Published Sept. 4, 2014
The Columbia Chamber of Commerce exceeded its goal in rallying public support for Fort Jackson by garnering more than 12,300 signatures on a petition aimed at preventing deep budget cuts at the Midlands installation.
The petition drive was launched in early August following a Defense Department study that indicated the U.S. Army might have to cut 3,100 military and civilian jobs at Fort Jackson by the end of the decade. The proposed cuts would eliminate more than 40% of Fort Jackson’s current workforce of 7,000 troops and civilian employees.
“We greatly appreciate the overwhelming response on behalf of Fort Jackson” said Carl Blackstone, chamber president & CEO. “This is a critical demonstration to the U. S. Army on how valuable Fort Jackson is to our community and to our partners.”
The packet of support letters will be sent to the U.S. Army. Local base supporters now are focusing their efforts on a strong turnout for a community listening session expected to be held early next year.
“We hear it again and again that the Columbia region is the ‘most military-friendly community in America,’ ” said retired Army Maj. Gen. George Goldsmith, who leads the chambers military affairs committee. “The collected signatures are a strong indicator for the U. S. Army and set the stage for our community listening session that will be held in early 2015.”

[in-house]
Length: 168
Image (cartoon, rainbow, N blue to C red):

Local officials estimate the post has a $2.6 billion annual economic impact on the Midlands.
The chamber said the job losses would equate to:
- An immediate $189 million impact on income for the Midlands.
- A population loss of 7,733 soldiers, employees, spouses and dependents.
- A reduction of $286 million in sales, including sales tax receipts of $3.3 million.
- A reduction in Impact Aid program funding to Richland County public schools with the loss of approximately 3,000 dependent children of school age.
- Also, the loss of thousands of visitors who attend basic combat training graduation, which is held 42 times during the year.
Half of the soldiers who enter the Army receive basic training at Fort Jackson. It also trains 60% of the women who serve in the Army.
The Army said the potential cuts are a worst-case scenario and a final decision on Fort Jackson’s fate has yet to be made.